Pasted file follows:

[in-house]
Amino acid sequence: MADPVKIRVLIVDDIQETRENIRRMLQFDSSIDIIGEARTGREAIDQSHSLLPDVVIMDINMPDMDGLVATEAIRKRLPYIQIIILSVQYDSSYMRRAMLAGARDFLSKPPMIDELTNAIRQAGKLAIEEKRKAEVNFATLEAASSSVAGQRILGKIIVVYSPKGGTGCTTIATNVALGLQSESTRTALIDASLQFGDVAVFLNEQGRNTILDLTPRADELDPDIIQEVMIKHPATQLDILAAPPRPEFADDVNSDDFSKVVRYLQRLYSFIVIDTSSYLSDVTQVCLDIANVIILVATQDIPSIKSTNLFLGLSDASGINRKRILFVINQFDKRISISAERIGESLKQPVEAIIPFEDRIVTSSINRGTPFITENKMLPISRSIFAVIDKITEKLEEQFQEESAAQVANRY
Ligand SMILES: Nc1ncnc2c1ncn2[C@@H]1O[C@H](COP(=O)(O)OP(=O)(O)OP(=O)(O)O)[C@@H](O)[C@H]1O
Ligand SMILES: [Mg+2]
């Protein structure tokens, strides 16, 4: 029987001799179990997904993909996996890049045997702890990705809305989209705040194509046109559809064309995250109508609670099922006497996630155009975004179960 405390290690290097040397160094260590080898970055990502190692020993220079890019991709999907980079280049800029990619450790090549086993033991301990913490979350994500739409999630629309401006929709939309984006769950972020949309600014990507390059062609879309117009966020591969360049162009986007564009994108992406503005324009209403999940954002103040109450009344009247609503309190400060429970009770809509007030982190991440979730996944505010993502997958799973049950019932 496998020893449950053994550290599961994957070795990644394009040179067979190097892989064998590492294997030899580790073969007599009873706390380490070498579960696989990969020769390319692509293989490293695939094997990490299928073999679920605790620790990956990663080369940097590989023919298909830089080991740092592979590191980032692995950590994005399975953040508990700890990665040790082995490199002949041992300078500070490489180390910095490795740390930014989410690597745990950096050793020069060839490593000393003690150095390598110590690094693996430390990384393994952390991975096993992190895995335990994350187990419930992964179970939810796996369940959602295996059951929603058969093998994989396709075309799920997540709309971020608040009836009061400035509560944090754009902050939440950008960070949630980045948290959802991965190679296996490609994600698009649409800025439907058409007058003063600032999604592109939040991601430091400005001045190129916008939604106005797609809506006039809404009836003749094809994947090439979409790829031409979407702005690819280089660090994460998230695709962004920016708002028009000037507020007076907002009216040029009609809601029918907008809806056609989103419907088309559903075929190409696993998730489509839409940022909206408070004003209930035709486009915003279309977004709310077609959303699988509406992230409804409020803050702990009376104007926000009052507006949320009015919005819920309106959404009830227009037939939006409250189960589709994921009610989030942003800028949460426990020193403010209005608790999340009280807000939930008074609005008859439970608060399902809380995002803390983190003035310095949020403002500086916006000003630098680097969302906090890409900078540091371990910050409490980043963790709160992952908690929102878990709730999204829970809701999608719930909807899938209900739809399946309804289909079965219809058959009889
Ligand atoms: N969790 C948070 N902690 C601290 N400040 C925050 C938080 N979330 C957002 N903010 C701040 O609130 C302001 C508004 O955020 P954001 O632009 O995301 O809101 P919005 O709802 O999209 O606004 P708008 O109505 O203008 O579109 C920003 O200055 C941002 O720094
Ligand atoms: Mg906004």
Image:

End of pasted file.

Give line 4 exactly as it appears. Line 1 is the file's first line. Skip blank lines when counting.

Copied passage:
Ligand SMILES: [Mg+2]